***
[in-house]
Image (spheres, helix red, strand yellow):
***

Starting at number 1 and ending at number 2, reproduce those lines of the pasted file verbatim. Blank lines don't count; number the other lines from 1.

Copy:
[in-house]
Image (spheres, helix red, strand yellow):